Not too long ago, a friend asked me what my favorite building in Salem was. The answer? WaterPlace.

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It’s visually appealing. The generous expanse of windows connects the building to the street, creates the impression of accessibility, and also reduces the perception of the building’s mass. The horizontal lines created by each floor’s row of windows and their low-profile metal awnings, as well as the cantilevered awnings on the second and top floors, create a pleasant stacked effect. The vertical lines formed by the marquee and the two narrow rectangles of paneled cladding prevent the building from looking too monotonously horizontal. The white screening on the exterior stairwell adds not only another vertical element, but introduces another color and texture as well. The same screening is used to shield the second floor HVAC system. Horizontal wood panelling adds a warm, northwest element to the building and contrasts nicely with the modern, white metal screening.

The lush landscaping draws heavily on a palette of grasses and maples. The decision to use grasses allows the designers to play with colors, textures, and heights, while also reducing maintenance costs and water use. In time, the grasses will grow dense enough that pedestrians won’t see bare soil, a hallmark of poor landscaping, while never growing so high as to obscure the facade. Using Japanese maples as street trees keeps a human scale to the street, echoes some of the colors in the grasses, and adds a northwest character to the landscaping. On the north end of the building’s face, native Vine maples are used for hedging.

Significantly for Salem, the building isn’t separated from the sidewalk by a large parking IMG_5193lot; instead, the building is set back about 5′, which is just enough to provide a bit of low landscaping. The sidewalk itself is buffered from the street with a planting strip of trees and grasses. This creates a pedestrian-scaled boulevard effect for the sidewalk, with greenery immediately to the left and right. The builder also opted for a parking structure to maximize the efficient use of space (even though it likely added costs).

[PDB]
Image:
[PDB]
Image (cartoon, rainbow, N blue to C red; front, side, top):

If I had one critique, it is that 5′ setback and landscaping prevents Orupa, the restaurant occupying the building’s one-floor southern end, from opening up its windows and entrance directly to the street. Maybe in the future, the restaurant will place an entrance directly on Commercial and will also bring the windows down to ground level or even allow them to open up. The space could fit outdoor tables.

The building’s attributes go beyond its visual appeal. Architect Magazine details the environmentally friendly aspects that earned it a LEED platinum rating. Here’s an excerpt:

The design of WaterPlace addresses energy conservation in several key ways. First, interior lighting demands are greatly reduced by an abundance of fenestration and natural light. Over 95% of the building’s occupied interior spaces have natural light and over 75% of spaces have window views. Second, careful detailing during design and construction has resulted in a building with a highly insulated and tight envelope that provides 24% energy savings over a baseline building of similar size. Through the use of careful design and innovative fixtures, WaterPlace uses 34% less water compared to a baseline building. Finally, WaterPlace provides incentives for building occupants to use energy-efficient modes of transportation. Seven parking spots are designated solely for fuel efficient vehicles, and bike racks and a shower room encourage tenants to ride their bicycle.

As if good design and landscaping, proximity to the street, and LEED platinum status were not enough, Orupa offers food and drink on a landscaped, open-air roof. Any building that provides an outdoor rooftop bar is a building worth emulating.

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